Enda Wyley on Dennis O’Driscoll: a wedding and a funeral

Ten years after the death of Dennis O’Driscoll, Enda Wyley remembers humour in both the poet and the man

Dennis O’Driscoll: affectionately known as the only poet in Ireland with a job. Photograph: Brenda Fitzsimons

One August afternoon in 2001 I met the poet Dennis O’Driscoll on George’s Street in Dublin.

It’s not surprising at all that I met him there, as he worked close by in Revenue and Customs service and did so for nearly 40 years. I can see him now before me, his raincoat flapping, his thin frame resolute on the pavement, cloth bag filled with papers and books in his hand.

I couldn’t hide my excitement. I’m getting married, I blurted out. Won’t you come to our wedding? I’m so sorry, but I can’t, he replied. But why? I wasn’t going to give up.

I knew Dennis from poetry readings and events in Dublin in the 1990s, used to meet him on the Dart as I made my way into the inner-city school I worked in as a young teacher, was always up for poetry conversations with him as we were jostled by early morning commuters. What was I reading? What had he been reading? It didn’t take long for me to discover on those early morning train journeys the truth in poet David Wheatley’s remark that asking Dennis had he read any poetry was like asking Matt Talbot had he said his prayers.


And then there were Dennis’s postcards with their distinctive writing ­– dark ink curls, that poets in Ireland were always chuffed to receive. As though a new poetry collection of yours wasn’t fully validated without the O’Driscoll stamp of approval. The flap of a card falling onto a hall floor. Words of praise to goad you on to new poems, better ways of writing. Dennis, after all, was well skilled in writing postcards. Hadn’t he written to Enid Blyton when he was a child? And she had replied and praised his handwriting! But he also wrote to Auden and Beckett, Stevie Smith, Brian Patten and received responses from them, as well. No wonder then, that he wrote to us Irish poets too.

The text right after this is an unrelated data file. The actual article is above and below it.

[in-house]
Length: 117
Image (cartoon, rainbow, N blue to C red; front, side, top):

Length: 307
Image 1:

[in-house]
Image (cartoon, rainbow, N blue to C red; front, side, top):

But I digress, I am still standing on George’s Street, not giving up. Do come to our wedding, I insisted again. I can’t. I only do deaths and funerals, Dennis said. And there it was, on a rainy afternoon in Dublin, the ironic wit and deadpan humour so evident in his poetry being spoken by the man himself. A humour that to this day, I still love to encounter in his work and that continues to energise me as a reader and poet.

He did come to our wedding with his wife, the poet Julie O’Callaghan, and it was a huge privilege to have them both there. But thinking back now on his initial response to my invitation, I am reminded of his poem, No, Thanks, which energetically pokes fun at humans and their often painful urge to be social. But it’s a poem which also pokes fun at Dennis himself – who was an utterly charming man but a determinedly private one too.

‘No, I don’t want to drop over for a meal

on my way home from work….

No, I haven’t the slightest curiosity about seeing

how your attic conversion finally turned out…'

It’s a poem which, when he was alive, drew much laughter from audiences, for Dennis was a memorably dry and witty performer of his work. I purposefully use the word performer, as sitting in the audience hearing Dennis read his work was an experience, not easily forgotten. He was an exemplary poet with a unique voice. A voice once heard you never forgot, both in person and on the page.

‘What is Mass like?’ our daughter once asked when she was little. Then quickly added, ‘Is it as boring as a poetry reading?’ Dennis would have got a great kick out of Freya’s comical wondering – she is actually not baptised – especially as her comment very much taps into his own mischievous teasing of the world and its rituals. There was a devilment there, a healthy cynicism of life and work. He wrote of subjects that as Heaney said, quoting Robert Frost, ‘were common in experience but uncommon in books’ - the dull commute to work, office parties, departure lounges. And, at the end of the day, ordinary questions like, what’s for dinner? Who will turn on the immersion?

When all is said and done

what counts is having someone

you can phone at five to ask

for the immersion heater

to be switched to ‘bath’

and the pizza taken from the deepfreeze.

Home, from Quality Time, 1997.

This year marks a decade since Dennis O’Driscoll’s death but as long as we continue to read his poetry, he will live on, inspiring us in the multitude of witty, wry poems of his that buzz with a humour all of their own.

Enda Wyley’s recent collection of poetry is The Painter on his Bike (Dedalus Press). This article is an abridged version of a talk she gave commemorating Dennis O’Driscoll at the Kildare Readers Festival 2022.